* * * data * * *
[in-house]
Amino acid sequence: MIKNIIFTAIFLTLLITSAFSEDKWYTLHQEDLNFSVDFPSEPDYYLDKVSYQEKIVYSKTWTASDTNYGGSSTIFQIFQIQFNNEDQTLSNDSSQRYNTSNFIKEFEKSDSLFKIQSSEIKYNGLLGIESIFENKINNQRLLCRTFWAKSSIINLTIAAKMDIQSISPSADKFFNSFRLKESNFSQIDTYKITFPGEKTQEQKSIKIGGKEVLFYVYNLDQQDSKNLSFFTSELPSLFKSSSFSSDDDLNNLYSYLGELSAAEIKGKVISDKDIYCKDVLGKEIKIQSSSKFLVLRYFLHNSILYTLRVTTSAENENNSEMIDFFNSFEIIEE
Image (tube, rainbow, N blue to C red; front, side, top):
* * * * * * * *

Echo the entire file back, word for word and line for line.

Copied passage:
[in-house]
Amino acid sequence: MIKNIIFTAIFLTLLITSAFSEDKWYTLHQEDLNFSVDFPSEPDYYLDKVSYQEKIVYSKTWTASDTNYGGSSTIFQIFQIQFNNEDQTLSNDSSQRYNTSNFIKEFEKSDSLFKIQSSEIKYNGLLGIESIFENKINNQRLLCRTFWAKSSIINLTIAAKMDIQSISPSADKFFNSFRLKESNFSQIDTYKITFPGEKTQEQKSIKIGGKEVLFYVYNLDQQDSKNLSFFTSELPSLFKSSSFSSDDDLNNLYSYLGELSAAEIKGKVISDKDIYCKDVLGKEIKIQSSSKFLVLRYFLHNSILYTLRVTTSAENENNSEMIDFFNSFEIIEE
Image (tube, rainbow, N blue to C red; front, side, top):